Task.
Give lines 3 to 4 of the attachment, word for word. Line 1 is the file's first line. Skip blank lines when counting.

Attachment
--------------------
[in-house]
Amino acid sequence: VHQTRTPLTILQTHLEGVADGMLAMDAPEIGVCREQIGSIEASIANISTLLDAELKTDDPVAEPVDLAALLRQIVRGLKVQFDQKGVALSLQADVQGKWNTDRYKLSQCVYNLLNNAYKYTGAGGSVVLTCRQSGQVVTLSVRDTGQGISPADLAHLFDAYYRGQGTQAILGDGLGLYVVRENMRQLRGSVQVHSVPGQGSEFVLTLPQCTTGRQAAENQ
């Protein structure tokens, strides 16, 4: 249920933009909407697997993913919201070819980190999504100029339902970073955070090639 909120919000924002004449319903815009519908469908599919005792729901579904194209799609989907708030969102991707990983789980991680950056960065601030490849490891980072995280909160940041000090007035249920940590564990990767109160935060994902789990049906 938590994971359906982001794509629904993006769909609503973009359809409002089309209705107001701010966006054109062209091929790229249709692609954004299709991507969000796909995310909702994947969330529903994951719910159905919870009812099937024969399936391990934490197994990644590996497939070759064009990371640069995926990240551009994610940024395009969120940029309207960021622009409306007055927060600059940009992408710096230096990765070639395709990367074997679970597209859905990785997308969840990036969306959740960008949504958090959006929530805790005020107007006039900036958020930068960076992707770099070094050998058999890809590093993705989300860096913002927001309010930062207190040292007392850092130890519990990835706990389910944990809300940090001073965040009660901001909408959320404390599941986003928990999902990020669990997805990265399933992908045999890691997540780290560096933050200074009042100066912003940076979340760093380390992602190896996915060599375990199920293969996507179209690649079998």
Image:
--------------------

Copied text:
């Protein structure tokens, strides 16, 4: 249920933009909407697997993913919201070819980190999504100029339902970073955070090639 909120919000924002004449319903815009519908469908599919005792729901579904194209799609989907708030969102991707990983789980991680950056960065601030490849490891980072995280909160940041000090007035249920940590564990990767109160935060994902789990049906 938590994971359906982001794509629904993006769909609503973009359809409002089309209705107001701010966006054109062209091929790229249709692609954004299709991507969000796909995310909702994947969330529903994951719910159905919870009812099937024969399936391990934490197994990644590996497939070759064009990371640069995926990240551009994610940024395009969120940029309207960021622009409306007055927060600059940009992408710096230096990765070639395709990367074997679970597209859905990785997308969840990036969306959740960008949504958090959006929530805790005020107007006039900036958020930068960076992707770099070094050998058999890809590093993705989300860096913002927001309010930062207190040292007392850092130890519990990835706990389910944990809300940090001073965040009660901001909408959320404390599941986003928990999902990020669990997805990265399933992908045999890691997540780290560096933050200074009042100066912003940076979340760093380390992602190896996915060599375990199920293969996507179209690649079998």
Image: